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Hiding Spot Survey Conducted
House has exactly ten hiding spots, most well-known; engineers struggle to add new hide and seek capacity
While I’m on the topic of games, I would be remiss if I did not mention the multiple daily games of hide-and-seek played in our household; in fact, it is shocking that I have not yet discussed this most important form of quarantine entertainment. Kina seldom goes more than two hours without playing hide-and-seek—which, if you saw the size of our apartment, might prompt you to ask, “but how could you find enough hiding spaces to make the game fun after a full year in the same five rooms?” Reader, I ask myself that question every single day.
There are exactly ten hiding spaces in our apartment, which I will share with you as long as you promise to keep them to yourselves. They are:
Behind the puffy coats hanging on the door in our entryway
Underneath the table in the living room
Behind the chair in the living room
Behind Kina’s bedroom door
Behind the curtain in the corner of Kina’s room
Behind our bedroom door
At the foot of our bed
Hiding under the blanket in our bed
Standing on the stepstool in front of the mirror in our bathroom
In the shower
Every member of this household has hidden in every one of these ten hiding spaces, dozens of times each over the last year. The list is so predictable that Kina has a defined “finding route” that takes her from one spot to the next. There is really no point in asking “Where could Daddy possibly be?” and yet that is exactly the sentiment Kina embodies in the few seconds after counting to ten. That she somehow continues to find some thrill of discovery in finding me curled up in a ball at the foot of my bed—rather than on my tiptoes behind my door—is one of the great mysteries and pleasures of this pandemic.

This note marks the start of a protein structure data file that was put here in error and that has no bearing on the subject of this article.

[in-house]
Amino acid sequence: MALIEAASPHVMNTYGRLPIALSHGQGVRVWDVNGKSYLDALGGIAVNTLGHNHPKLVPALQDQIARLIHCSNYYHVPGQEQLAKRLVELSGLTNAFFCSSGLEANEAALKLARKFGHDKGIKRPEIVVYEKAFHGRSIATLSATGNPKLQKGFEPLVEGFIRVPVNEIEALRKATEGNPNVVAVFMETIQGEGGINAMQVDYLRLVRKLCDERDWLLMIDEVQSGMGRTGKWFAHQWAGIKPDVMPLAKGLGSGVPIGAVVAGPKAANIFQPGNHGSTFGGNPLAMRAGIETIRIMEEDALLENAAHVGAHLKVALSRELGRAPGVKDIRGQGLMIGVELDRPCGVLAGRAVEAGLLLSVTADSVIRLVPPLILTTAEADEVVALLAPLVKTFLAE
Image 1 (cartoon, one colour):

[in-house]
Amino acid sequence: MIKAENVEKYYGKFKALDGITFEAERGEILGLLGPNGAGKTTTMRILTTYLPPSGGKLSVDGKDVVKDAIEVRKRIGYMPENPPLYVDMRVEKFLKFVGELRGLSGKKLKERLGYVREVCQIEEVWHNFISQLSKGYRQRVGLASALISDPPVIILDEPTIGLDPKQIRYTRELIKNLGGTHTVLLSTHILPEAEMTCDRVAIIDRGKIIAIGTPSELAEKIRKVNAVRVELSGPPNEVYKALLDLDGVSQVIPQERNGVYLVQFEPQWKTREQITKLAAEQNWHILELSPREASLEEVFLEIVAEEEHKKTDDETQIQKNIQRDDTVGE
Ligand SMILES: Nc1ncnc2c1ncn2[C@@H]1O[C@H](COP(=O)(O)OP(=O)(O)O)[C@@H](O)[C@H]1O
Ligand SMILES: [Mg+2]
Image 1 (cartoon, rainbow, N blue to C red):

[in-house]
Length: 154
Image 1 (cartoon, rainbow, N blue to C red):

My newest tactic is to use multiple hiding spots during a game, moving furtively to a spot she’s already checked while she’s examining a different room, which definitely makes the game more interesting. There are times, however, when she is legitimately unsettled to discover me behind the coats, having only recently cleared that hiding spot; it is not readily apparent to me that she enjoys this additional level of sophistication, but I swear to god I can only pretend to be sneaky so many times. Sometimes, you must be actually sneaky.
In recent months, Kina’s preference for being the seeker has grown, which means she is seldom sought. There is no rational reason for this, since she is so much smaller than I am—our house has at least six extra hiding spots* for a person of diminished stature, which would make the game so much more interesting. When she does hide, she often takes the opportunity to build a little workspace in her hidey hole so that she can be both comfortable and concealed. I remember reading something years ago about how human beings evaluate a landscape to decide where to live; we instinctively seek out spaces where we can be hidden from view and still have an unobstructed view of others.** There are reasons, in other words, that we love caves and keyholes. True aficionados of the game of hide-and-seek can all agree that the greatest pleasure of the sport is watching the seeker wander around, perplexed, as they attempt in vain to find you; Kina has definitely taken this to the next level, routinely setting up a comfy little duck blind underneath our table, from which she can watch me wandering around like mystified toddler.
Sometimes I wonder what it would be like to own a home with enough rooms and nooks to make hide-and-seek a more substantial challenge. Could I go hours without being found? Imagine all the reading I could do! Still, I like our little ten-spot hiding landscape; there is great joy to be had in being so easily found, at finding, at leaping out at your seeker in the brief moment before she finds you, seeing her rapturous shock at being surprised, even as she knew you were there all along.
* I will not reveal the extra six spots to you, in case you someday have the opportunity to play hide-and-seek with Kina. It’s only fair you discover them on your own.
** I have now spent twenty minutes trying to find the anthropological term for this. If you know it, please remind me so that I will not shut up about it at the very first party I go to after this pandemic has run its course.